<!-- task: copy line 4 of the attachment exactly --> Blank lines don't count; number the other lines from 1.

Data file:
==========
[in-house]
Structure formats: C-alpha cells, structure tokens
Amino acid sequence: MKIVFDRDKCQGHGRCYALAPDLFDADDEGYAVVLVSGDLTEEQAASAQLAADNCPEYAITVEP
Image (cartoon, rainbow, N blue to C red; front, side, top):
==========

Image (cartoon, rainbow, N blue to C red; front, side, top):